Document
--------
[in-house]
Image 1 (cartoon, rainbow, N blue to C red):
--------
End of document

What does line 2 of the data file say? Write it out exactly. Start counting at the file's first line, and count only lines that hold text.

Image 1 (cartoon, rainbow, N blue to C red):